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Earthquake NationThe Cultural Politics of Japanese Seismicity, 1868-1930$
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Greg Clancey

Print publication date: 2006

Print ISBN-13: 9780520246072

Published to California Scholarship Online: March 2012

DOI: 10.1525/california/9780520246072.001.0001

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PRINTED FROM CALIFORNIA SCHOLARSHIP ONLINE (www.california.universitypressscholarship.com). (c) Copyright University of California Press, 2021. All Rights Reserved. An individual user may print out a PDF of a single chapter of a monograph in CALSO for personal use.date: 30 July 2021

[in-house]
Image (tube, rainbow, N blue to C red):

. Earthquakes

. Earthquakes

Chapter:
(p.39) Two. Earthquakes
Source:
Earthquake Nation
Author(s):

Gregory Clancey

Publisher:
University of California Press
DOI:10.1525/california/9780520246072.003.0003

In order to understand how architecture as a state institution began to construct outward from its initial center, eventually incorporating other knowledge- and object- producing sites in a kenchiku-kai (architectural world), this chapter looks at cultures of discipline, ritual, technique, and material, and cultures of nature. It examines Japan's earthquake problem, the pagodas, and Japanese skepticism. From the perspective of the architecture and engineering faculty at Kōbudaigakkō, the persistence of Japanese belief in the seismic resistance of daiku-work constituted an obstacle to the spread of European architectural and engineering knowledge.

Keywords:   earthquake problem, architecture, kenchiku-kai, pagodas, Japanese skepticism, seismic resistance

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